SCIENCE IN YOUR LIFE 2020
January 29, February 5, February 13
7:30 p.m. to 9:15 p.m.
(Doors open at 7:00 p.m.)
The 2020 series will be at 7:30 p.m. on January 29, February 5 and February 13. As in the past, each program will consist of an understandable talk by a scientist involved in research on the topic, and an opportunity for questions from the audience. Brochures giving speakers, and subjects and the location will be distributed in January. The purpose of these lectures is to bring together the general public and scientists to explore topics of interest and importance to everyone. Admission is free.
2020 Science in Your Life will be held at THREE different locations
Wednesday, January 29, 2020
Orville A. Todd Middle School Dining Hall
7:30 PM MUSIC BY ARLINGTON HIGH SCHOOL PHILHARMONIA (a 45 student string orchestra conducted by Jonathan Handman).
8:15 PM “THE WORLD OF GEMOLOGY: HISTORY AND VALUE OF PRECIOUS GEMSTONES”
Speaker: Bradford Walker
Shreve, Crump & Low
Precious gemstones have captured the imagination for centuries, with the allure, value and often mystery. Mr. Walker will dazzle us with stories about Sapphires, Rubies and Emeralds. Where are they found and why are some regions more desirable than the others? What contributes to their color and other properties? Additionally, he will examine some of the most notable gems owned by monarchs, celebrities and American royalty, past and present.
Brad Walker is a fourth-generation jeweler and executive vice-president of Shreve Crump and Low, one of America’s oldest institutions. He received his Graduate Gemology degree prior to graduating from Babson College with a BA in Business. Shreve Crump and Low was first opened in 1796 just 20 years after the Declaration of Independence.
Wednesday, February 5, 2020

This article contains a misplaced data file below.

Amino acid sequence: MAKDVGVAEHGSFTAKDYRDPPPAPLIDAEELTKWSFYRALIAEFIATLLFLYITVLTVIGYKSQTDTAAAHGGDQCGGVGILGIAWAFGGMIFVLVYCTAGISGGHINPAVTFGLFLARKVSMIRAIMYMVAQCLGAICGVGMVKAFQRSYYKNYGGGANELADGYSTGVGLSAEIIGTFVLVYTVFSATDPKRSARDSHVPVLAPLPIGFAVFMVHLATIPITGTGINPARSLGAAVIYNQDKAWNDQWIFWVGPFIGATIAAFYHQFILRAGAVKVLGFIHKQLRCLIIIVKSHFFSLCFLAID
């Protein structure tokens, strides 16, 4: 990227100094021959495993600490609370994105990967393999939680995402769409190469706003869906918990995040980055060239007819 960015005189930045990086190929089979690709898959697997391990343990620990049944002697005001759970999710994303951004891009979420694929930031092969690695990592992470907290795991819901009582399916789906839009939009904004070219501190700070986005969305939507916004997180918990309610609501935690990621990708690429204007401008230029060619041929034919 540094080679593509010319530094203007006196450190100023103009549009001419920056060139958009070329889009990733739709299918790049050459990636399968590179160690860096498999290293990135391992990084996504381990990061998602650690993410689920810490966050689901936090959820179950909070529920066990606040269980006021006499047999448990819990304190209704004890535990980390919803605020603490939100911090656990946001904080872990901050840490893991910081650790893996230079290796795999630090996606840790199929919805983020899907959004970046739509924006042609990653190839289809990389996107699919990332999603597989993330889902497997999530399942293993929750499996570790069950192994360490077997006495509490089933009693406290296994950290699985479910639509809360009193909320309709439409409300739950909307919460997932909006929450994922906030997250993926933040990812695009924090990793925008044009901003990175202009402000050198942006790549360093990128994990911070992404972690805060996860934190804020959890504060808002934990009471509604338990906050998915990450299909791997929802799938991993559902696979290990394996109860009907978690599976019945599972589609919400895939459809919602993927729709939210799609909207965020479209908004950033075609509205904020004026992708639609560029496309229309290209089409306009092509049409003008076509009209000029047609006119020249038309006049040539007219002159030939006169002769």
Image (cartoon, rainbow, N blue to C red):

Our Lady of Lourdes High School Auditorium
7:30 PM MUSIC BY ARLINGTON HIGH SCHOOL JAZZ MACHINE (Conducted by Rich Guillen)
8:15 PM “THE IMPORTANCE OF THE MOON: PAST, PRESENT, AND FUTURE”
Speaker: Dr. James Green
NASA Headquarters, Washington, DC
Scientists believe that the Moon was formed out of a collision between the Earth with a Mars sized planet named Theia at a very early stage of the development of the solar system. From then on, the Earth and the Moon’s evolution have been intertwined. The Moon has kept the Earth’s rotational axis pointing in the same direction providing a significant level of stability for the Earth’s climate. Today, the Moon holds many fascinating mysteries for scientists to explore. Scientifically there have been a number of stunning advances in lunar science and a realization that going back to the Moon will provide scientists with the opportunity to accomplish transformational science in understanding the origin and evolution of our solar system. NASA’s future plan is to go to the Moon to stay and then onto Mars.
Dr. James Green is NASA’s Chief Scientist who focuses on NASA’S strategic science objectives. He has written over 115 scientific articles.
Daryl will travel to Cuba with the goal of shooting documentaries for magazines and television and will share his nonstop, day to day adventures, experiences, discoveries, and valuable lessons he learned on these incredibly spiritual journeys. He will discuss his style, philosophy, and various techniques he uses when photographing subject matter. Equipment, lighting on location, environmental portraits, and travel tips on planning a trip to Cuba will all be covered as well.
Daryl is also the former host and producer of the television show “The Unconventional Traveler” which featured some of the worlds’ leading explorers, travel photographers and filmmakers sharing their work from various expeditions and documentaries. He produced over 100 shows over a 10 year period and some of his guests included Jane Goodall, Buzz Aldrin, Reinhold Messner and George Schaller.
Maung S. Htoo, President, Ph.D.
Edwin E. Fitchett, Vice-President
Robert Brickner, Secretary
Arne C. Christensen, Treasurer
Board of Trustees
Arne C. Christensen
Edwin E. Fitchett
Margaret A. Horton
Maung S. Htoo, Ph.D.
Steven C. Johnson
Mary Louise VanWinkle, Ph.D.